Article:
Burglary Victim? What Really Happens to Your Stolen Property

pawn shopThe Houston Police Department reported over 26,600 burglaries in 2012. That’s about 73 burglaries each day. And that’s a lot of dollars taken out of Houston’s homes and businesses.

There’s no doubt about it, burglary is booming in H-town. Burglary is what a thief does for a living. For the thief, it’s the same thing as going to office for 8 hours a day. It’s how he or she pays the bills and supports the family.

Burglary is a lucrative, cold, hard cash business.

Most of us would like nothing better to get our valuables back and see the burglar behind bars. Did you know that only a small percentage of burglars are actually caught in Houston? An even smaller percentage of stolen goods actually find the way back to their rightful owners.

You would think that with the police, your family, and friends on the lookout for your stolen belongings, a larger percentage of high ticket items taken in robberies would be recovered. With all the identification needed to sell something, you would think that burglars would have a hard time selling their ill-gotten gains.

The fact is that robbery has plenty of incentives for a lot of people. There are consumers more than willing to buy stolen goods at reduced prices. There are literally thousands of middlemen buyers who have no qualms making their money off stolen goods. And then, of course, there are the thieves themselves.

So just how are thieves able to turn stolen valuables into cash? There are a few ways, even with the stricter identification requirements, and your chances for recovering your items are slim.

Find You Possessions at Out-of-town Pawn Shops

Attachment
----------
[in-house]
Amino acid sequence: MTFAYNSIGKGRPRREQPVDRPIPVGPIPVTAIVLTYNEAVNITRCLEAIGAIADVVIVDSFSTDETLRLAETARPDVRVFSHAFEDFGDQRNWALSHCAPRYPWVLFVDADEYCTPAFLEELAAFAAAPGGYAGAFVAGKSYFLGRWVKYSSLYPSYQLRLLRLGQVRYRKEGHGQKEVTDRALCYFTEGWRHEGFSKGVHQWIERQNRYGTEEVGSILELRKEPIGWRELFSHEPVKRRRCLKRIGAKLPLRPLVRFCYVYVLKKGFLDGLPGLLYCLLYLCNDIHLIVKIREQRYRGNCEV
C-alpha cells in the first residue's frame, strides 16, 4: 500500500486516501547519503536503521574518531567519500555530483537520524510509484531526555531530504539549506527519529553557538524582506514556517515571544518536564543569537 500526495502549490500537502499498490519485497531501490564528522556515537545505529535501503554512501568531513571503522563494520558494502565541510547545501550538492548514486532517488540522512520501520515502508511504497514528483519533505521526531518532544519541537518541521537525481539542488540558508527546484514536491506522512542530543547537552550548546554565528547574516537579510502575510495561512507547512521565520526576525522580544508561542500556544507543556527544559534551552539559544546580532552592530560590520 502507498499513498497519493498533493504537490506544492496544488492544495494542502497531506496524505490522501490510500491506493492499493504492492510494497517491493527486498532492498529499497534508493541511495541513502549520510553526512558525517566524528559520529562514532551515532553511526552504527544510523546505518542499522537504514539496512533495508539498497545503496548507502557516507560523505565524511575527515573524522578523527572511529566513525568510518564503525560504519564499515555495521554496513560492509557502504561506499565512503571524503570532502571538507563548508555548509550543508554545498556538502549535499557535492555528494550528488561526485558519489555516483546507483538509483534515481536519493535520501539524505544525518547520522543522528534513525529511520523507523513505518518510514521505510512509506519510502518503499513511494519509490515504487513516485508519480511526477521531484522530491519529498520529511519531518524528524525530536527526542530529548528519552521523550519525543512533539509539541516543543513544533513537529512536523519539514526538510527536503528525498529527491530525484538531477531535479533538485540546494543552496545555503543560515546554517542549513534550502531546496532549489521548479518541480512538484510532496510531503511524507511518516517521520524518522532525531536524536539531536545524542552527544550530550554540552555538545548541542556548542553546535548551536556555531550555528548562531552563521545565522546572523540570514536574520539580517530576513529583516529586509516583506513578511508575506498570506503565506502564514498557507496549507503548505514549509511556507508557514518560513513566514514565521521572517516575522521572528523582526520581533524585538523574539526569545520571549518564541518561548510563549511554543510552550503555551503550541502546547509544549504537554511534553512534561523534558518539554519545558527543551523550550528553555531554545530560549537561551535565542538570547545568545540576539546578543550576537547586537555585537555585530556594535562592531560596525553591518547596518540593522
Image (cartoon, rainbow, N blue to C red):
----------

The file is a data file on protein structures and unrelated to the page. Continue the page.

You might as well forget about looking for your jewelry, tools, electronics, or other smaller valuable items in Houston-area pawn shops. Most pawn shops now require IDs when they buy things. And even with easily available fake IDs, many pawn shop owners will recognize the frequent flyers and alert HPD.

Many burglars now have connections with the pawn shop owners outside Houston. So you might find your valuables in San Antonio, Corpus Christi, Dallas, or Austin where HPD is not on the look-out. Thieves know that by selling your possessions all over the state where they are less well-known, their fake IDs will most likely pass the muster.

Locate Your Valuables Online

If the thief can’t easily get to a pawn shop (maybe he broke his leg while making his escape), the crook will take to the internet. Craigslist, EBay, and even Amazon are the most likely places, although there are other bidding sites used. The thief doesn’t have to provide an ID, just list the item he wants to sell. And there’s always plenty of willing buyers who will think that the crook has legitimate title to YOUR property.

You Won’t Find Your Valuables On A Fence

Fences are middlemen who knowingly buy stolen goods to resell at a higher price later. The fence usually gives the burglar a long list of things he’s looking for resale purposes. Generally the fence already has the buyer lined up. The thief goes out and gets items out of your home. Easy money for the thief, and easy money for the fence.

Now that you know Houston’s burglary statistics, how the thief makes his money from your valuables, the small chance you will get your possessions back, and the unlikelihood that the burglar will be apprehended, shouldn’t you really have a good home security system if you’re living in Houston?